For ten years I’ve been asked … by the Chrome browser: “Do you want to log in with your Google account?” And for ten years I’ve said no thanks. Chrome still asks me that question — it’s just that now it doesn’t honor my decision.

The Chrome sync UI is a dark pattern. Now that I’m forced to log into Chrome, I’m faced with a brand new menu I’ve never seen before. … Does that big blue button indicate that I’m already synchronizing my data to Google? … Maybe it’s an invitation to synchronize! If so, what happens to my data if I click it by accident? … This is a dark pattern. … It has the effect of making it easy for people to activate sync without knowing it.

Google’s reputation is hard-earned, and it can be easily lost. Changes like this burn a lot of trust with users.

A dark pattern you say? Lukasz Olejnik inquires:

While some people are finding it problematic and confusing … let’s trust Google Chrome has thought it through well. … Let’s assume the feature is needed.

For some reason, the information about this change is not reflected in the official release notes of Chrome 69, nor in the note lauding the user interface upgrade. The change simply appeared to come out of the blue … without the user knowledge (in advance), awareness, or consent. [It] has been made abruptly, for millions of users.

Furthermore, during testing I was successful at deliberately-inadvertently synchronising my settings to the cloud. … I was unable to click “undo” [but] instead of “Last time synced in 2017” I saw the following: “Last time synced on Today”.

Article 35 of GDPR requires making [a] Data Protection Impact Assessment [which] must be updated when significant changes in the system are introduced. … GDPR says that an infringement in relation to a DPIA requirements are [up] to 2% of the total worldwide annual turnover.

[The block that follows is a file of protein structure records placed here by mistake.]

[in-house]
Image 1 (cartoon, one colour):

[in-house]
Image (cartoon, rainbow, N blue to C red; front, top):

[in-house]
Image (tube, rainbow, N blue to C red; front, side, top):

Ouch. Is there a way to stop it? Here’s olsmeister’s masterful suggestion:

Disable it then.

Go to chrome://flags//#account-consistency, switch Account Consistency option to disabled.

Doesn’t exactly sound easy. Google’s Zach Koch is sorry-not-sorry:

We recently made a change to simplify the way Chrome handles sign-in. … Importantly, this allows us to better help users who share a single device.

We’ve heard—and appreciate—your feedback. We’re going to make a few updates in the next release of Chrome.

We’re adding a control that allows users to turn off linking web-based sign-in with browser-based sign-in. … We’re updating our UIs to better communicate a user’s sync state. … In the current version of Chrome, we keep the Google auth cookies to allow you to stay signed in after cookies are cleared. We will change this behavior.

We’re lucky to have users who care as much as you do. Keep the feedback coming.

Please excuse me a moment—there’s a little bit of puke in my mouth. Richard “God” Speed reports Google plans to hide a don't-be-creepy switch in v70: [You’re fired—Ed.]

Chrome 70, due in October, walks back controversial changes in the browser that had the privacy world all aflutter.

Doubtless still hiding behind the [couch] Koch trotted out the earlier excuse that automatically signing a user into Chrome … was absolutely fine. He went further, showing a blown-up image of the browser to, er, demonstrate how clear the signed-in indicator was.